Sadiq Khan writes to Home Secretary: “it is unacceptable that women are fearful to report because of immigration status”

After policy meetings led by Step Up Migrant Women coalition members, the Mayor of London, Sadiq Khan, has sent a letter to Sajid Javid, Home Secretary to address safe reporting in police stations to all victims of abuse.



Andrea, an Ecuadorian national and a survivor supported by LAWRS, spoke with The Independent on her experience of ongoing abuse and how her immigration status was used as a tool of coercion. On several occasions, the perpetrator called the Home Office to tell them they were no longer together as she held a dependent EEA family member visa. She received a letter from the Home Office telling her that her visa was revoked and she would face deportation.

“We’ve been left vulnerable. The non-molestation order lasted 10 months, and now we are living with him again. I’ve had panic attacks. My daughter can’t sleep. We feel unsafe, the social worker told me I had no rights because I’m not European. He has all the power. I’ve suffered and I am still suffering, and so is my child. She is traumatised. We just want to start again.”

In the letter, the mayor’s office outlined a series of measures that support SUMW’s call for victim’s rights ‘to be upheld above immigration control. He included the reinstatement of legal aid, financial support and safe accommodation and clear operational guidelines for the police to support victims with insecure immigration status.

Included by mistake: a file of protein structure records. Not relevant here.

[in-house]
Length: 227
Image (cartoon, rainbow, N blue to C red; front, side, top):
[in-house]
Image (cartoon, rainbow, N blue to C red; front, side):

Lucila Granda, director of LAWRS stated

“We constantly see cases where the abusers use the women’s insecure immigration status to control their victims.

“The hostile environment policies have led to this extremely dangerous situation where many victims of severe crimes are too afraid to go to the police. Their perpetrator is dangerous, but the police can be even more dangerous to them. 

“Perpetrators are hiding behind these policies and using them to abuse their victims. Because of these policies, there are less avenues for migrant women to find safety and support, and this has put a great pressure on specialist services working with migrant victims of violence.”

This is a step forward towards reaching the ‘firewall’ called for by migrant survivors and BME specialist organisations. The SUMW campaign will continue its work to affect the Domestic Violence and Abuse Bill in October so that migrant women’s voices are heard.

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